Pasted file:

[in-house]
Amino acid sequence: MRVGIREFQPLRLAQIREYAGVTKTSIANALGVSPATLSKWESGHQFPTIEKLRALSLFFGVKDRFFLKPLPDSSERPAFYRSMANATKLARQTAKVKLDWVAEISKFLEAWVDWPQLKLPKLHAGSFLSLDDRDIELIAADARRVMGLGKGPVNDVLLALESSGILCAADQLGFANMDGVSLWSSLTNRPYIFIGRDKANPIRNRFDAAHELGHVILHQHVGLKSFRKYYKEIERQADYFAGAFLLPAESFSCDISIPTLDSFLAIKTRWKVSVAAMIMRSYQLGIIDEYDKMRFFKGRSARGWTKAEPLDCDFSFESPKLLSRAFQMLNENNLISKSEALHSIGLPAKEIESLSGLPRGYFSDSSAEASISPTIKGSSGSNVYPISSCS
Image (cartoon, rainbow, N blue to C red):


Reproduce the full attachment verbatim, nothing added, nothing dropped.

[in-house]
Amino acid sequence: MRVGIREFQPLRLAQIREYAGVTKTSIANALGVSPATLSKWESGHQFPTIEKLRALSLFFGVKDRFFLKPLPDSSERPAFYRSMANATKLARQTAKVKLDWVAEISKFLEAWVDWPQLKLPKLHAGSFLSLDDRDIELIAADARRVMGLGKGPVNDVLLALESSGILCAADQLGFANMDGVSLWSSLTNRPYIFIGRDKANPIRNRFDAAHELGHVILHQHVGLKSFRKYYKEIERQADYFAGAFLLPAESFSCDISIPTLDSFLAIKTRWKVSVAAMIMRSYQLGIIDEYDKMRFFKGRSARGWTKAEPLDCDFSFESPKLLSRAFQMLNENNLISKSEALHSIGLPAKEIESLSGLPRGYFSDSSAEASISPTIKGSSGSNVYPISSCS
Image (cartoon, rainbow, N blue to C red):